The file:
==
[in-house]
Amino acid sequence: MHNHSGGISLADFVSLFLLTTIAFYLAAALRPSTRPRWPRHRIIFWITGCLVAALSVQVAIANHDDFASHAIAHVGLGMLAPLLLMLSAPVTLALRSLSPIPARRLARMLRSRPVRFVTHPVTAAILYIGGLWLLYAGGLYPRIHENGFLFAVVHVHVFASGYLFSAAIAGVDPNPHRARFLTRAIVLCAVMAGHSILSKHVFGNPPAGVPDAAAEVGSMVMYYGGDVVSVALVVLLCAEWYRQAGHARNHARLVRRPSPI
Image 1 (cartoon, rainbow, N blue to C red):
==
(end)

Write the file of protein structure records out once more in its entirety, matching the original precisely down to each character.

[in-house]
Amino acid sequence: MHNHSGGISLADFVSLFLLTTIAFYLAAALRPSTRPRWPRHRIIFWITGCLVAALSVQVAIANHDDFASHAIAHVGLGMLAPLLLMLSAPVTLALRSLSPIPARRLARMLRSRPVRFVTHPVTAAILYIGGLWLLYAGGLYPRIHENGFLFAVVHVHVFASGYLFSAAIAGVDPNPHRARFLTRAIVLCAVMAGHSILSKHVFGNPPAGVPDAAAEVGSMVMYYGGDVVSVALVVLLCAEWYRQAGHARNHARLVRRPSPI
Image 1 (cartoon, rainbow, N blue to C red):